Seven Things You Should Know Before Traveling to Japan

Lately, one of the most popular travel destinations for people in Hawaii has been—Japan! It is one of the closest countries to our islands, and the plane tickets are usually on the cheaper side. I’ve come across many people who either just came back from Japan or are going soon. Luckily, I was able to make the trip myself. So here are some things that you should know if you are planning a trip to this fun and bustling country:


You NEED to learn how to use the local Subway Trains


Japan has a huge connection of subway/train lines which will take you everywhere! Although the different lines can be a bit confusing at first, you will get the hang of it. You can buy a computer pass (IC Card) at any station, which will allow you to take any subway line except the exclusive Nankai airport line which must be bought separately. The IC card is relatively cheap for what you get. It costs about Y2000 or 20 U.S. dollars for the card, and you can deposit your preferred amount after that. After buying the computer pass and paying your deposit, you can reload it at any time. The minimum amount you can reload into the IC card is Y1000 or about 10 U.S. dollars. When using the pass, all you have to do is scan your card and walk through the gates! The subway lines are so convenient because it will only take about 5-10 minutes of waiting before the train arrives. Taking the train/subway will save you lots of time and money.



There are crowds—LOTS of them


Get ready to get lost! The cities are bustling with crowds full of both locals and tourists alike. You will see a lot of cars and many people riding their bikes. Keep in mind that you must make way for bike riders out of common courtesy. If you are catching the subway or train, the stations are almost always full; especially during weekday mornings, when everyone is trying to make their way to work. In addition to this, if you are planning to visit popular tourists destinations, make sure to go EARLY and in the middle of the week. There are many tour buses that go to these tourists spots from late morning until the afternoon.


There is a huge language barrier, so try to learn at least the basics of the language


Not everyone in Japan speaks English. Out of my own personal experience; if you meet someone who can speak English, it is likely that he or she has limited proficiency. It is usually people who work in the tourism industry, who are able to speak English more fluently. With that being said, try to learn the basics of the language such as: how to order your food, how to greet people, say thank you, etc. Another useful tip is to download Google Translate on your phone! I found the app to be very useful in times where I could not communicate with a local.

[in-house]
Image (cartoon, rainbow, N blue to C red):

The food is DELICIOUS and CHEAPER than the United States


I was never disappointed with any meal I’ve had in Japan. Everything is so delicious and cheap! The average cost per meal is (Y850 - Y120) or 8-12 U.S. Dollars. So, I would say the average meal costs about $10. This usually includes a main course, a side, a soup, and a drink! Keep in mind that you won’t just find Japanese food here; you will also find other types of food such as  American and Chinese food! Some Japanese dishes are a mix of Japanese and American, and it never fails to amaze me. Trust me when I say, you will eat good in Japan.


You should avoid walking while eating or drinking


I was originally told by others that walking while eating or drinking is rude. I thought it wasn’t a big deal but when I did do it, I got a few odd looks from the locals. Also, when I went into a cafe in Kyoto near the Kiyomizu-Dera temple, the cashier told me that I’m not allowed to take the food and eat outside and that I must only eat in the restaurant or in the tour bus. I’m assuming this is because I was near a sacred site, and that the traditional rules applied more to this area. Out of respect, I followed the rules and did not eat my snack until I got on the bus. I was not told anything about this in the more urban and busy areas, but I did see a few people drinking coffee on their way to work.



The toilets are much more accommodating and innovative


If you go to almost any public restroom in Japan, you will find that there are so many buttons for the toilet! It can be a bit confusing if you can’t read Japanese, but it is easy to locate the basic flush button. Usually, all you have to do to flush is place your hand in front of the sensor. Sometimes, there is relaxing music playing while you use the bathroom (e.g. river flowing), and the toilet seats are sometimes heated (which feels so good). There are other buttons which allow water to spray/clean your private areas, but I’d rather not do that.


Japanese people seem to be “on it!” when it comes to hygiene


Everywhere I go, there was some type of cleansing routine. I’m not talking about the kind where you cleanse your mind, body, and soul before entering a shrine—although respectfully, it does exist. But I am talking about having cleansing wipes provided to you in every restaurant. There are even cleansing products in some bathroom stalls which will allow you to wipe the seat before using it, and some people wear face masks to avoid germs.